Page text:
Emily Alsentzer


What’s in a Summary? Laying the Groundwork for Advances in Hospital-Course Summarization
Griffin Adams | Emily Alsentzer | Mert Ketenci | Jason Zucker | Noémie Elhadad
Proceedings of the 2021 Conference of the North American Chapter of the Association for Computational Linguistics: Human Language Technologies

Summarization of clinical narratives is a long-standing research problem. Here, we introduce the task of hospital-course summarization. Given the documentation authored throughout a patient’s hospitalization, generate a paragraph that tells the story of the patient admission. We construct an English, text-to-text dataset of 109,000 hospitalizations (2M source notes) and their corresponding summary proxy: the clinician-authored “Brief Hospital Course” paragraph written as part of a discharge note. Exploratory analyses reveal that the BHC paragraphs are highly abstractive with some long extracted fragments; are concise yet comprehensive; differ in style and content organization from the source notes; exhibit minimal lexical cohesion; and represent silver-standard references. Our analysis identifies multiple implications for modeling this complex, multi-document summarization task.


Publicly Available Clinical BERT Embeddings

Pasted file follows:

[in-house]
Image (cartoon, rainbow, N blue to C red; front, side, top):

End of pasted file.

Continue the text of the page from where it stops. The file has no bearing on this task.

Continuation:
Emily Alsentzer | John Murphy | William Boag | Wei-Hung Weng | Di Jindi | Tristan Naumann | Matthew McDermott
Proceedings of the 2nd Clinical Natural Language Processing Workshop

Contextual word embedding models such as ELMo and BERT have dramatically improved performance for many natural language processing (NLP) tasks in recent months. However, these models have been minimally explored on specialty corpora, such as clinical text; moreover, in the clinical domain, no publicly-available pre-trained BERT models yet exist. In this work, we address this need by exploring and releasing BERT models for clinical text: one for generic clinical text and another for discharge summaries specifically. We demonstrate that using a domain-specific model yields performance improvements on 3/5 clinical NLP tasks, establishing a new state-of-the-art on the MedNLI dataset. We find that these domain-specific models are not as performant on 2 clinical de-identification tasks, and argue that this is a natural consequence of the differences between de-identified source text and synthetically non de-identified task text.